Cider With Rosie
7.30.2002 by , every Tuesday.
When I first pick up a book I often feel this little burst of excitement and anticipation. Before I start to read, the book has unlimited potential, and as I begin, the first few lines seem magical and perfect — after all, they could be the first lines of the greatest story I have ever read. But all too often that little thrill disappears as I settle into the routine of reading. I begin to take it for granted. And the more words I read, the less chance the book has of fulfilling that infinite potential it once possessed.
I began Laurie Lee's Cider With Rosie with the same sense of excitement and possibility as always, but this time that feeling stayed with me right through the book. Each word I read left me anticipating the next and every sentence seemed magical and perfect, not just the first few. I devoured it in two days and I was left it feeling intensely satisfied. For once, a book had fulfilled its potential completely. Maybe it wasn't the greatest story I've ever read, but it was - in its own small way - perfect.
I was surprised by my reaction to this book. It's not the type of story I would have expected myself to enjoy. It's autobiographical, and deals with Lee's childhood, growing up in a little village in the West of England at the end of the First World War. But Lee tells his story so beautifully that I couldn't help but love it.
Lee is a poet, and this book is a prose-poem. It tells its story in a straightforward, simple way, but every word is exquisitely chosen and placed. Someone defined poetry as "the best words in the best order," and that's how this story is told. I could open the book at a random page, pick any sentence, and be awestruck by it. Let's try it now:
"Long tongues of shadows licked the curves of the fields and the trees turned plump and still." (p. 70)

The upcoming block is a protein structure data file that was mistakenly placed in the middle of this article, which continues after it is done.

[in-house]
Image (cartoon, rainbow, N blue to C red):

"So in the ample night and the thickness of her hair I consumed my fattened sleep, drowsed and nuzzling to her warmth of flesh, blessed by her bed and safety." (p. 27)
"The last time we'd met, I'd hit her with a cabbage stump." (p. 208)
Okay, so maybe it doesn't always work, but you get the idea.
The book deals with all aspects of Lee's childhood: it describes his family, his friends, his school, his neighbours, and his village.
Lee's village was a place that "cast up beasts and spirits as casually as human beings...There was the Death Bird, the Coach, Miss Barclough's Goose, Hangman's House, and the Two-Headed Sheep."
Of this last, Lee says:
"There is little remarkable about a two-headed sheep, except this one was old and talked English. It lived alone among the Catswood Larches, and was only visible during flashes of lightning. It could sing harmoniously in a double voice and cross-question itself for hours; many travellers had heard it when passing that wood, but few, naturally enough, had seen it. Should a thunderstorm ever have confronted you with it, and had you had the presence of mind to inquire, it would have told you the date and the nature of your death - at least so people said. But no one quite relished the powers of this beast. And when the sheep-lightning flickered over the Catswood trees it was thought best to keep away from the place."
The magic and innocence of childhood mingle with the harsh realities of life in a poor village in the West of England. Suicide, murder, poverty and sickness are all dealt with. Lee describes both these extremes with equal skill, effortlessly blending the two, making the fantasies seem real, and the realities fantastical.
Lee himself barely survived childhood. He was constantly ill, and one chapter describes a fevered delirium more intense and terrifying than anything in Trainspotting (the chapter, coincidentally enough, is entitled "Sick Boy").
The book ends with Lee as an adolescent; both he and his village are changing rapidly: "The last days of my childhood were also the last days of the village. I belonged to that generation which saw, by chance, the end of a thousand years' life." Lee himself died in 1997, but Cider With Rosie is only the beginning of his story. It is the first book of an autobiographical trilogy, and I'm already looking forward to reading the other two, which deal with his experiences in London and then in the Spanish Civil War.
Cider With Rosie is a simple story, beautifully told. It is poetry and storytelling at their finest, and a pleasure to read.